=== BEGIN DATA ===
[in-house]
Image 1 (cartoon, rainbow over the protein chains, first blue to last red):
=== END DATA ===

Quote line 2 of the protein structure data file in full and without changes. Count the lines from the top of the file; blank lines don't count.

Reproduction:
Image 1 (cartoon, rainbow over the protein chains, first blue to last red):